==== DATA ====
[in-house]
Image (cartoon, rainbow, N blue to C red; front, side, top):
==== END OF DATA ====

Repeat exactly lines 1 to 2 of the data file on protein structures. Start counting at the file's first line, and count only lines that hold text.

[in-house]
Image (cartoon, rainbow, N blue to C red; front, side, top):